Susan Luzzaro 6:30 p.m., July 31
How Washington Post Licks Boots of Federal Government
Glenn Greenwald of Salon.com wrote a brilliant article Sunday (April 10) on how the parent of the Washington Post must kiss the buttocks of the federal government, which its reporters are supposed to be covering objectively. The Post itself on Sunday did a major story revealing how, in essence, the newspaper has become "a side vanity project" at the company, writes Greenwald. Reason: Kaplan Higher Education, a for-profit university entity, was 61% of the parent company's revenue in 2010. More than 90% of Kaplan's revenue comes from the federal government, mainly through loans and grants to students. That means one-third of the parent company's revenue comes from the federal government. Writes Greenwald, "The company that owns the Washington Post [newspaper] is almost entirely at the mercy of the federal government and the Obama administration -- the entities which its newspaper ostensibly checks and holds accountable." Greenwald's essay, as well as the Post's own story, reveal how the parent company has been doing fierce lobbying for the for-profit education industry.
Greenwald goes on to point out how other media behemoths such as Comcast, CBS (owned by Viacom), ABC (owned by Disney) and CNN (owned by Time Warner) are also beholden to the federal government.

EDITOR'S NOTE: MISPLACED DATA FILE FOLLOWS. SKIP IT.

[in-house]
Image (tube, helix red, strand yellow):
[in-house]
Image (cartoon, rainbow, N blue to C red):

Writes Greenwald, "How can a company which is almost wholly dependent upon staying in the good graces of the U.S. government possibly be expected to serve as a journalistic watchdog over the same government? The idea is absurd." Greenwald then goes on to discuss the snug relationship between journalists and the politicians they are supposed to be covering. "Because media stars are now as wealthy and celebrated as the politically powerful whom they cover, they identify on socioecomic and cultural grounds with these political officials...one crucial factor driving this decisively non-adversarial journalistic posture is that the large corporations which own these media outlets need desperately to maintain good relations with the political class."
Greenwald's article does not mention San Diego's Bridgepoint Education, which has a symbiotic relationship with the San Diego establishment and is generally mollycoddled by the mainstream media. (The Reader, however, has written a stream of articles extremely critical of Bridgepoint.)